Time for romance to click

 

Online dating has become commonplace, and spring is the most popular time for people to give it a go, writes JOANNE HUNT

SPRING SEES a surge in the tide of people signing up to internet dating sites. As sure as daffodils follow snowdrops, the flock of new members landing on dating websites right about now is just another spring phenomenon to set your clock by.

Paula Hall of dating website Parship.ie says that spring brings by far the biggest spike in new members. In fact, up to three times as many people join in spring as at any other time of the year.

Jill McGrath, managing director of Maybefriends.com, sees a similar trend, with up to 6,000 new people joining the site in January alone. They both attribute the seasonal rise to new year’s resolutions and to the approach of Valentine’s Day.

So what of this seasonal stampede toward online mating grounds? What was once seen as the preserve of nerdy loners, unable to compete in the harsh Serengeti of pub and clubland, internet dating is now the common-sense choice of many looking for a mate.

Psychoanalyst and psychology lecturer Philip Malone believes “we are now more pragmatic about out need for love and companionship. The internet has made the world much bigger – we now have friends in places we’d never dream of visiting. Casting one’s dating net beyond the workplace or neighbourhood is consonant with this new world.”

The profile of Irish people heading online for love falls into two groups, says McGrath – first are those in their late 20s. “Many of them are looking to settle down,” says McGrath. “All their friends are in couples and they want to break out of that circle and meet new people.” McGrath refers to the second group as the “second time arounders”.

Gráinne Barry from Anotherfriend.com, which now has almost half a million members and boasts 300 marriages, agrees. “We are seeing a growing trend with the 45-plus audience, people who are separated, divorced or widowed who just want companionship,” she says.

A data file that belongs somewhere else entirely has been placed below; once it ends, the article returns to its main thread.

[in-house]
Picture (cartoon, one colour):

All three online dating sites use different approaches to bring would-be daters together, but Parship.ie is by far the most systematic. The site claims that its psychometric compatibility test comprising 80 questions on everything from how you react to falling on a banana skin to how much planning you like to put into holidays, takes the pot luck out of looking for love. Only members who are a good match are suggested as potential partners, with each scored in order of compatibility.

Paula Hall says the test is not about “looking for twins or peas in a pod, but about looking for couples that will complement each other”.

Rival site Maybefriends.com says it doesn’t do psychological profiling but it does have a questionnaire that probes singles on everything from their level of education to the emphasis they place on looks and humour.

“If you indicate that appearance or a particular level of education is very important to you, that says a lot about you as a person,” says McGrath.

When it comes to such psychological profiling, Malone says there is some weight to it. “Most efforts to profile people psychologically will attempt to measure personality traits that tend to be consistent over time – a person who is very tidy today will probably still have that trait in five years.

“By comparing our individual mix of traits, it can be possible to predict the people we will enjoy spending time with.”

Anotherfriend.com once employed the same psychological profiling used by job interviewers, but Barry says it wasn’t popular with Irish users. “I think Irish people are more about fate intervening or ‘the one’. We like the idea of chance rather than a scientific model.”